4 groups looking for help from Charlottetown at budget time
Charlottetown city council heard from four groups Monday evening looking for help from the city as it puts together its budget for 2023-24.
Here's how much they were looking for, and why.
Confederation Centre of the Arts, $5M
The Confederation Centre is looking for assistance with a major redevelopment following the move of the provincial library across the street.
The $5 million over the next five years from the city is a small piece of what the centre is seeking from governments, which also includes $30 million from Ottawa and $20 million from the province.
In addition to making new uses for the old library space, the project would move the loading dock from Victoria Row to Queen Street, with the goal of creating a more inviting entrance into the centre from Victoria Row.
Centre CEO Steve Bellamy noted that if the money from Ottawa and the province is not forthcoming, funding from the city will not be necessary.
Charlottetown Library Learning Centre, $1M
By many measures the new Charlottetown library is a great success, said library board member Shawn Murphy, but it has come at a cost.
The library has about 1,000 visitors a day, said Murphy, but its construction came in over budget, and the board was short on its fundraising goal.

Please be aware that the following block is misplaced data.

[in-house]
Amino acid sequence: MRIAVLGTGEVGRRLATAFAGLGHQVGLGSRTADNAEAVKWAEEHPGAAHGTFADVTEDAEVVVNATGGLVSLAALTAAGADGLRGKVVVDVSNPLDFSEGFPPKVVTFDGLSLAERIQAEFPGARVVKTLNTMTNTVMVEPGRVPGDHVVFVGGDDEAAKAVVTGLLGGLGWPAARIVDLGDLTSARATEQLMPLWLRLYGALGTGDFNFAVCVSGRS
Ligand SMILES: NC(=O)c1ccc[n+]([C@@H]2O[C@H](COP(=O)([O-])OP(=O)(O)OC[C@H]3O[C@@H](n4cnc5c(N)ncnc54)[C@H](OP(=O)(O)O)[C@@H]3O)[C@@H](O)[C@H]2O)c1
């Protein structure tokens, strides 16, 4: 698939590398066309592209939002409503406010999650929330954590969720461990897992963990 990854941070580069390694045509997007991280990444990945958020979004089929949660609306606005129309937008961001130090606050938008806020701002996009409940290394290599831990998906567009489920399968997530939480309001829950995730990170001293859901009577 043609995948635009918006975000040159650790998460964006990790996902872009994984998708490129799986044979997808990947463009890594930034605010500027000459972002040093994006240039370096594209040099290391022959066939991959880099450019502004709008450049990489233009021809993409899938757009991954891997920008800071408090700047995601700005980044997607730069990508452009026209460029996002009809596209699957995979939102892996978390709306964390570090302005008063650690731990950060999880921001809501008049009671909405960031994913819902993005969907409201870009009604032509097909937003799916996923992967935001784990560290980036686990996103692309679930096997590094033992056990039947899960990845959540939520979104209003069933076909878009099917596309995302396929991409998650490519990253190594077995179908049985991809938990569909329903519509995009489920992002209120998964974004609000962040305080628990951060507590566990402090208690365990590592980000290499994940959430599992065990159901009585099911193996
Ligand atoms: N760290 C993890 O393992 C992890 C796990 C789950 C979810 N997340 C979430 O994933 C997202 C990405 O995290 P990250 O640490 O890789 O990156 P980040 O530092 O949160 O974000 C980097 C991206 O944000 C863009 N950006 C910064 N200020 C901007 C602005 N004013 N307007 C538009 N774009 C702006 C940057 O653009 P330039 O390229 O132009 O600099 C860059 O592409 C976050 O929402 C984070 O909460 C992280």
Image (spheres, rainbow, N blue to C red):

The final cost was $17.5 million, $800,000 more than budgeted. With a $4-million fundraising goal, $3.4 million was raised.
To help make up this shortfall, the library board is asking for $1 million over two years.
Port Charlottetown, $118,836
Port Charlottetown is looking for a grant in lieu of its municipal property tax.
It is looking for this to be an annual grant.
Mike Cochrane, CEO of the Charlottetown Harbour Authority, said marine infrastructure is very expensive to maintain, and cruise ship traffic at the port continues to grow.
In addition to cruise ships, the port also maintains a pipeline to fill petroleum tanks on the shore from tanker ships in the harbour. This is how 98 per cent of P.E.I.'s petroleum products arrive in the province.
It also hosts ships bringing gravel and aggregate for road work, as well as fertilizer.
Tremploy is a non-profit that provides training and employment assistance services to adults with intellectual disabilities.
Tremploy is currently located in a building on Raiders Road in Charlottetown. It has raised about three-quarters of a $1-million capital fundraising target to move to a new facility in the BioCommons Research Park.
It is looking for $50,000 from the city over the next five years.
Teresa Hennebery, volunteer chair of capital campaign, said the group arranges employment for 125 people, with 75 working at the Raiders Road building.
Hennebery said the current building dates from the 1960s and is not very accessible for people with mobility challenges. There are also occupational health and safety issues, such as not having a sprinkler system.